Defense: 33
Vitality: 62
Spirit: 55
Speed: 35
Luck: 44
Dexterity: 51

My level 20 stats
HP: 118
TP: 57
Attack: 79
Defense: 59
Vitality: 118
Spirit: 80
Speed: 64
Luck: 71
Dexterity: 82

My level 30 stats
HP: 169
TP: 78
Attack: 115
Defense: 87
Vitality: 168
Spirit: 112
Speed: 91
Luck: 104
Dexterity: 113

My level 40 stats
HP: 219
TP: 100
Attack: 149
Defense: 113
Vitality: 208
Spirit: 136
Speed: 117
Luck: 135
Dexterity: 151

My level 50 stats
HP: 272
TP: 124
Attack: 183
Defense: 136
Vitality: 250
Spirit: 166
Speed: 145
Luck: 168
Dexterity: 183


Nei
ネイ
(Nei is Nei. Pronounced almost like “nay,” as if to say no in an old-timey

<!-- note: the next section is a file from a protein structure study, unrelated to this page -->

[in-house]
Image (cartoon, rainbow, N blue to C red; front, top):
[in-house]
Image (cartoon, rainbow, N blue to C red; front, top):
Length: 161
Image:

fashion. Ironically, this fits in with what Lutz says the word means.)

Nei has received the biggest overhaul out of any character. She is an 
absolute monster in the remake, no pun intended. Far faster than any 
other character even if they catch up in levels, she is a stronger 
attacker than ever, and has a high natural defense now to make up for 
her lack of good equipment. Moreover, she can equip several new weapons 
and armor. The biggest change, however, is that she now learns Shu, Sashu, 
Shifta, Deband, Nares, and Nasar at later levels. Yes, this makes Amy 
almost redundant. Unfortunately, her overall attack power and relative 
usefulness is eventually surpassed by other characters once everyone 
else approaches maximum level, and it requires a Herculean effort to 
get her to stick around past a certain point in the game. 

Special Technique: Last Force (Restores all TP to a character)
Charge time: slow (4 rounds of Defense)

New equipment: Saber claw, Silent claw, Animal claw, Plasma field, 
Thunder crown